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I want to get a running total from a list of numbers.

For demo purposes, I start with a sequential list of numbers using range

a = range(20)

runningTotal = []
for n in range(len(a)):
    new = runningTotal[n-1] + a[n] if n > 0 else a[n]
    runningTotal.append(new)

# This one is a syntax error
# runningTotal = [a[n] for n in range(len(a)) if n == 0 else runningTotal[n-1] + a[n]]

for i in zip(a, runningTotal):
    print "{0:>3}{1:>5}".format(*i)

yields

  0    0
  1    1
  2    3
  3    6
  4   10
  5   15
  6   21
  7   28
  8   36
  9   45
 10   55
 11   66
 12   78
 13   91
 14  105
 15  120
 16  136
 17  153
 18  171
 19  190

As you can see, I initialize an empty list [], then append() in each loop iteration. Is there a more elegant way to this, like a list comprehension?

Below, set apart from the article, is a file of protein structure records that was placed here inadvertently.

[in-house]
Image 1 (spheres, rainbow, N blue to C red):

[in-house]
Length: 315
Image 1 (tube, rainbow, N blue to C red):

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9 Answers 9

up vote 16 down vote accepted

A list comprehension has no good (clean, portable) way to refer to the very list it's building. One good and elegant approach might be to do the job in a generator:

def running_sum(a):
  tot = 0
  for item in a:
    tot += item
    yield tot

to get this as a list instead, of course, use list(running_sum(a)).

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This can be implemented in 2 lines in Python.

Using a default parameter eliminates the need to maintain an aux variable outside, and then we just do a map to the list.

def accumulate(x, l=[0]): l[0] += x; return l[0];
map(accumulate, range(20))
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1  
This "exploits" a Python feature that has tripped me up before. I like it, but fear that it makes for a nasty trap if related code ever needs to be debugged! –  Kaushik Ghose Oct 14 at 19:11

If you can use numpy, it has a built-in function named cumsum that does this.

import numpy
tot = numpy.cumsum(a)  # returns a numpy.ndarray
tot = list(tot)        # if you prefer a list
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I'm not sure about 'elegant', but I think the following is much simpler and more intuitive (at the cost of an extra variable):

a = range(20)

runningTotal = []

total = 0
for n in a: